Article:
Protect Your Nest Egg
Threats to individual and business wealth arise from a variety of sources. Some claims stem from legitimate and expected contract creditors, such as consumer and bank debt. But, occasionally, unexpected claims arise from guaranties, contingent liabilities, joint and several partnership obligations, and business litigation. Business owners are frequently surprised by the extent of their exposure and the powerful collection tools available to creditors.
A business owner may be blindsided by risks created from a partner or business associate’s financial dealings, the judicial interpretation of a guaranty beyond its intended scope, or simply the considerable amount of damages awarded in business litigation judgments. The corporate laws of many states, including Florida, extend corporate liability to officers and directors under certain circumstances. Shareholders, governmental entities, and business associates are starting to use these claims early in litigation to gain settlement leverage. Some have even been successful in getting judgments that shattered the corporate shield. These cases often entail unpleasantly protracted litigation and can inflict significant economic damage.
Nowadays, one must look beyond the contract creditor and business claimant to the tort claimant as a significant threat. Despite political movements for tort reform, it appears that tort litigation is growing unrestrained. Media headlines are replete with reports about shocking new theories of liability and astronomical damage awards.
Liability insurance used to be the obvious antidote. But, policies are written with more exclusions now than ever. Insurance companies are denying coverage at every opportunity. So, anyone with personal wealth is now more susceptible than ever, irrespective of insurance coverage, to collection on a judgment.
Apart from the potentially disastrous effect of tort, contract, and business liability, business owners and executives are increasingly concerned about regulatory liability spawned in recent years by a variety of federal and state statutes. Many of these laws enable entry of a judgment even though the business and its owner had no knowledge of the matter or ill intent.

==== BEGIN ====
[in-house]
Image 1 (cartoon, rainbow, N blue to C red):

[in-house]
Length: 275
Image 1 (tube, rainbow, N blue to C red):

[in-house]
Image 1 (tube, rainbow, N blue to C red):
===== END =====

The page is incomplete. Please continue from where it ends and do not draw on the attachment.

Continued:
Business owners also recognize their potential exposure to other legislative claims. Many a business has fallen victim to a strike suit under the Americans with Disabilities Act and the Family Medical Leave Act. And, the Sarbanes-Oxley Act of 2002, with its increased demands on the accountability of officers and directors of publicly traded companies, sent a shudder through the markets. While motivated by good intentions, these acts are a real problem for many.
Another new concern comes from divorce court, not because divorces are new, but because they have become so prevalent. Judges and legislators are understandably anxious to protect a nonworking spouse. The claims can be extremely distracting for a business owner and, in a closely held company, can severely impact the interests of his business partners.
Fortunately, business owners can take advantage of a variety of wide-reaching asset protection tools. There are four levels of protection:
- The Florida Constitution protects the equity in your qualified primary residence.
- The Florida Statutes provide numerous exemptions. The most powerful are the exemptions for life insurance and annuities. A business owner can use these vehicles to shelter cash on a moment’s notice.
- Florida Common Law. Per the Florida Supreme Court, any assets held jointly with a spouse are exempt as marital property.
- Offshore and out-of-state business entities. These work particularly well, especially the use of LLCs formed in the island nation of Nevis.
A carefully crafted asset protection plan that uses the proper mix of these tools can keep assets available to the business and its owners with minimal risk of collection.